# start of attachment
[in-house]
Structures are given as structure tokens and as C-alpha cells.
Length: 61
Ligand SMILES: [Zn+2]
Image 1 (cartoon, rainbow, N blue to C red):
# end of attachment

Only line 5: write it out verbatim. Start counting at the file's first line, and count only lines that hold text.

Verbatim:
Image 1 (cartoon, rainbow, N blue to C red):